Week In Review Aug 15-20

week in review

I just realized that this never got posted! Oops! I had it ready to go on Saturday, but oh well. So here is how last week went:

The good:

-We received some free lawn chairs form a friend. I spent $13 on spray paint and they look new again.

-We attended a free concert in the park

-We ate a bunch of veggies from our garden

-We made our monthly college contributions (for the 2 oldest)

-We visited the library and got 2 movies to watch.

-We spent Saturday at the Grandparents with a bunch of family. Potluck meal, fun and movies for the kids.

The bad:

-The kids and I got McDonalds after a busy morning out. We ate it while watching the Olympics.

 

Accepting Responsibility

*This post will most likely make people angry. It is a rant on my part about something that frustrates me and is COMPLETELY my opinion. This is my blog where I get to voice those opinions. I do not expect you to agree.*

I decided that I wanted to buy a house. I found the one that I wanted in a nice neighborhood close to where all of my friends were also buying houses. I went to the bank and got a loan for the most they would allow. I signed my name saying that I agreed to pay the full amount back plus interest. I understood that I was responsible for this because my name was on the loan. I understood that no matter what happened in my life circumstances I would need to figure out a way to pay my mortgage payment. Five years later my job wasn’t paying as much as I had hoped and all my friends were moving away. I decided that I no longer wanted to live in this house, but I also wasn’t able to sell it. I started bemoaning the fact that I had taken out such a large mortgage and ‘ruined’ my life by not being able to see the end of these mortgage payments. I blamed the job market in America because they don’t pay enough. I blamed the neighborhood for costing so much. I blamed the bank for allowing me to borrow so much money to start with. I began to see that the big problem was really the government. Isn’t it their job to make sure that I get to live ‘the American Dream’ without it causing any type of financial burden to me? It was the government’s fault that they even allow banks to loan people like me money when I can’t really afford it. Housing should be free for everyone!!!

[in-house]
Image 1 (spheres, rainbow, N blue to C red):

Does this sound ridiculous? Crazy! Absurd! Why would anyone expect that?

Change the scenario to college and the above is true.

I recently saw this cover of a magazine while I was in the grocery store.

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I later found the article online so that I could read it. Here are my thoughts on the subject. Notice I said my thoughts. I am not expecting you to agree.

I understand that college is expensive. Quite frankly everything is more expensive than it was 10 years ago. I understand that many parents are not able to pay for their kids’ college and many aren’t able to help at all.

What frustrates me is the mentality that our culture seems to have… ‘I had no choice, but to take out a loan.’ ‘Jobs just don’t pay enough to cover the high cost of school.’ ‘College ruined my life!’

I hate to tell you this, but college did not ruin your life. Yes, you have a mess of debt to clean up. Yes, it is going to take lots of time and effort but don’t play the victim. You had a choice. You signed on the line to take out the student loans. You agreed to taking on a large amount of debt, no one forced you to do it! There is no shame in waiting a year to go to college so that you can save up some money. There is no shame in starting your degree at a local tech school and transferring later. There is also nothing wrong with working while going to school.